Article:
I ran a writing workshop at Highsted Grammar School for Girls in Sittingbourne, Kent this week. 'How many of you in this room think you're great?' I asked. Unsurprisingly, not a murmur.
An hour later the room was pulsating with greatness, all the greatnesses we agreed to recognise and appreciate in ourselves.
I am great at making scrambled eggs. My secret is the dollop of creme fraiche I add just before the end of cooking time that keeps them soft and velvety. Then I sprinkle them with chopped chives.
|Scrambled eggs with 'dry-fried' day old croissant slices|
People love my scrambled eggs.
Between 11 and 14 I'd have been the girl in the corner of the room staring hard at the blankness of the white page beneath the phrase, 'I am great at...'. Perhaps with encouragement I might have been able to recognise that I was great at 'reading'. Or, 'reciting by heart all the names of the books in the Old Testament'. But it's never too late to recognise your greatness.
The inspiration for this exercise came from a blog I discovered by accident: Greatness & Gratitude. One of my favourite posts is: I am great at walking in stilettos. I am grateful for laughter. I would love to be great at walking in stilettos.
I am also great, according to my nine-year-old grandson, Oliver, at making fish fingers. Of course the making is less making and more slipping out of a frozen box and baking until they're crisp and golden but I'm happy to accept the accolade.
And I know the secret of fish fingers. I'd already been inducted into understanding their greatness by my great niece and nephew, Ffion and Iwan. They have to be Bird's Eye. They have to be cod.
Oliver's other Nan tempted him with Waitrose fish fingers. But they didn't even nudge greatness. 'Too fishy,' Oliver said.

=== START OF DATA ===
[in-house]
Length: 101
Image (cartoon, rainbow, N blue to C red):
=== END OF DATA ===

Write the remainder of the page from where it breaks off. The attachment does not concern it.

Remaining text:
12 fish fingers between three under tens = 9 plus 3 left over. And it was while reading Nigel Slater's Eating for England, a bite-size feast of everything peculiarly British - Spangles, Fray Bentos Pies, Steamed Puddings, Garibaldi Biscuits, Iced Gems, Bisto and hundreds more - that the idea of a fish finger sandwich came to mind.
Okay, I made it with hand-cut slices of black olive bread rather than 1960s homogenous Mother's Pride but I retained the authentic heart of the sandwich with a good lick of Heinz Tomato Ketchup.
I can't really say it reminded me of my childhood. Fish fingers only came on a plate with chips and peas, with thin slices of bread and butter on the side, when I was growing up. And while a sandwich made with the few remaining chips might have been tolerated at the table I suspect a fish finger one would have been frowned upon.
But I was reminded of the fish finger's greatness: crisp and soft, white flakes of cod in a golden coat. McDonalds knew what they were doing when they introduced the Filet-O-Fish, although you won't find cod in any of them. It's Alaskan pollock or hoki which, my young culinary advisers tell me, isn't great enough.
Hungry Writing Prompts
Write about your greatness.
Write about the person in the corner of the room.
Write about walking.
Write about a sandwich.
Write about hard and soft.